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Chapter 5 treats Kant’s notions of genius and aesthetic ideas. It argues that his discussion of genius forms a kind of deduction for the possibility of producing and then judging objects that exceed our own capacities. In this, it focuses on Kant’s descriptions of spirit as what nature gives both to the genius and thereby also to the work of beautiful art, thus allowing it to enliven our minds. This playful enlivening through spirit is what makes it possible for the human mind to present, in art, what otherwise exceeds it, namely aesthetic ideas. Here, we find that human beings belong to a nature that is much more expansive than the one ruled by the understanding in the first Critique; nature here is the source of spirit and liveliness. The chapter concludes by highlighting Kant’s repeated observations that nature is expressing itself through genius, and links this to the communicability that underlies the judgment of taste more generally.
The harmonious free play of the imagination and understanding is at the heart of Kant’s account of beauty in the Critique of the Power of Judgement, but interpreters have long struggled to determine what Kant means when he claims the faculties are in a state of free play. In this article, I develop an interpretation of the free play of the faculties in terms of the freedom of attention. By appealing to the different way that we attend to objects in aesthetic experience, we can explain how the faculties are free, even when the subject already possesses a concept of the object and is bound to the determinate form of the object in perception.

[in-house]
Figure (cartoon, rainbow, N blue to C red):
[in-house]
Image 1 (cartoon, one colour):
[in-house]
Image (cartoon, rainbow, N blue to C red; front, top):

This chapter is centered upon the section of the “Critique of Aesthetic Judgment” that Kant calls the “key” to the critique of taste and in which he elaborates the judgment of taste in terms that are striking yet scant, familiar yet elusive: a “state of mind” of “free play” of the cognitive powers, in which they are in “harmony” or “attunement” and are mutually “animated,” and in which their “subjective relation” corresponds to a “subjective condition” of cognition. I propose that a key to Kant’s thought is to be found in the notion of “universal communicability,” which this section introduces. The sense of “communication” on which it depends is, I argue, to be understood robustly, as having to do with the imparting of something to someone. I then argue that the judgment of taste turns on an experience of wanting to render communicable, or explore and articulate, one’s encounter with the extra-factual aesthetic character of the object. My interpretation reorients the role and significance of pleasure, and of feeling more generally, in the judgment of taste. The pleasure of the judgment of taste is in the object and in one’s state of mind, which the object is felt to awaken.
Kant holds that it is possible to quarrel about judgements of beauty and cultivate taste, but these possibilities have not been adequately accounted for in the dominant interpretations of his aesthetics. They can be better explained if we combine a more subjectivist interpretation of the free harmony of the faculties and aesthetic form with a type of social constructivism. On this ‘subjectivist-constructivist’ reading, quarrelling over and cultivating taste are not attempts to conform to some matter of fact, but rather to reconcile subjective perceptions through mutual interchange governed by the regulative goal of constructing a universal community of agreement.
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